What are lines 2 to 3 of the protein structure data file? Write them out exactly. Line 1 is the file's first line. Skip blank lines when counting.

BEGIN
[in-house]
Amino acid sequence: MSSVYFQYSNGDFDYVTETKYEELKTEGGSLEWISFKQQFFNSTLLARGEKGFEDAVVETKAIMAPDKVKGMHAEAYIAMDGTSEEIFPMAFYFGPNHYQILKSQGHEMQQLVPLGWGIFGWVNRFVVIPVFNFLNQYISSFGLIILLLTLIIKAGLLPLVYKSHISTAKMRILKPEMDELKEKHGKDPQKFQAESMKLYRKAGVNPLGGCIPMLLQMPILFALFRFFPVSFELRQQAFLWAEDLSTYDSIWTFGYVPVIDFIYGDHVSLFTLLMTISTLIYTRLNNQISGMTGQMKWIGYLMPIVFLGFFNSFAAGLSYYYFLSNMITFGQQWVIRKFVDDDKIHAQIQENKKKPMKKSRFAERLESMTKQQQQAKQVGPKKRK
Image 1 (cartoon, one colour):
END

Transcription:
Amino acid sequence: MSSVYFQYSNGDFDYVTETKYEELKTEGGSLEWISFKQQFFNSTLLARGEKGFEDAVVETKAIMAPDKVKGMHAEAYIAMDGTSEEIFPMAFYFGPNHYQILKSQGHEMQQLVPLGWGIFGWVNRFVVIPVFNFLNQYISSFGLIILLLTLIIKAGLLPLVYKSHISTAKMRILKPEMDELKEKHGKDPQKFQAESMKLYRKAGVNPLGGCIPMLLQMPILFALFRFFPVSFELRQQAFLWAEDLSTYDSIWTFGYVPVIDFIYGDHVSLFTLLMTISTLIYTRLNNQISGMTGQMKWIGYLMPIVFLGFFNSFAAGLSYYYFLSNMITFGQQWVIRKFVDDDKIHAQIQENKKKPMKKSRFAERLESMTKQQQQAKQVGPKKRK
Image 1 (cartoon, one colour):